Album: Temple of the Dog
. . .
It is never a good idea to die just before your debut album is released, but that was the fate of Andrew Wood, the lead singer of Seattle’s Mother Love Bone, who otherwise might have gone on to be one of the bigger bands with a dick-themed name, joining Steely Dan and The Sex Pistols.
But instead, Wood’s death ended up being a catalyst for the eventual formation of Pearl Jam, who ended up joining 10CC as a band who . . . you know what? Never mind. A man is dead, and I’m sitting here making dick jokes! Too soon, Jim, too soon.
Anyways, Andrew “Waiting On” Wood — OK, I’ll stop now — also happened to be the roommate of one Chris Cornell, the singer of Soundgarden, and as part of his mourning process, wrote a bunch of songs and put together a band that featured Soundgarden’s drummer, Matt Cameron, former Love Boners Jeff Ament and Stone Gossard, and the new guys who were working on a record with Gossard & Ament, Mike McCready and Ed Vedder, a surfer dude from San Diego who had sent a tape to Ament & Gossard.
This might seem weird: but this kind of of one-off collaboration happens all the time in healthy scenes, and Seattle’s at the time was one of the healthiest. I mean, if you didn’t factor in all of the heroin abuse. Anyways, they recorded the album in a couple of weeks, and Soundgarden’s major label record company put out Temple of the Dog in April 1981, probably assuming that a collab between Pearl Jam and Soundgarden would sell very well.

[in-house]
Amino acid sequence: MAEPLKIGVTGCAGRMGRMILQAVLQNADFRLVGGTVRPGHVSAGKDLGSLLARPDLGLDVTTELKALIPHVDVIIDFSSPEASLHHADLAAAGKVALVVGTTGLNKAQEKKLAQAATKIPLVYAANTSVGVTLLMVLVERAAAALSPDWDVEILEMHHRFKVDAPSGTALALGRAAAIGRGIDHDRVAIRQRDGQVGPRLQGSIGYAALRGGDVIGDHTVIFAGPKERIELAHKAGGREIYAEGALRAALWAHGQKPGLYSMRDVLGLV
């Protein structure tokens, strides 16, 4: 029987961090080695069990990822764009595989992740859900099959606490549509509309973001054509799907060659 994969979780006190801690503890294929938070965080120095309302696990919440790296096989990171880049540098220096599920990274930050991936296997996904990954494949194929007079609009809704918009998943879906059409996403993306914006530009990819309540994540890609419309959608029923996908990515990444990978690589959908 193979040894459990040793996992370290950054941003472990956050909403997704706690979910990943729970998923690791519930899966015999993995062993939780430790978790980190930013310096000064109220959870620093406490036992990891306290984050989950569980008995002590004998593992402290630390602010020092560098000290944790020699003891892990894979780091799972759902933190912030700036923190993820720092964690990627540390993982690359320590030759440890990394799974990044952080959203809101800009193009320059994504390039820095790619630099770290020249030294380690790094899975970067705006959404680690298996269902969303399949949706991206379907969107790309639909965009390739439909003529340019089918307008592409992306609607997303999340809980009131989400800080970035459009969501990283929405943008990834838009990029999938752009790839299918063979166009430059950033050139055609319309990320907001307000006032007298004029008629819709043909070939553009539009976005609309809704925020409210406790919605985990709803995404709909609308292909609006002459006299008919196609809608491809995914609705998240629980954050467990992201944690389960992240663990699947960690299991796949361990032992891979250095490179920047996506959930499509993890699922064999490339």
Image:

And they were right, but it took well over a year to happen. But what a year that was! We’ve discussed many many times how amazing the back half of 1991 was, and two of the records that featured during that period were Soundgarden’s first great record, Badmotorfinger and Pearl Jam’s debut, Ten, which both came out within a couple of months of each other and followed Nevermind into the top ten. Well, Ten did — Badmotorfinger languished at #39 on the Billboard album charts whereas Ten made it to #2.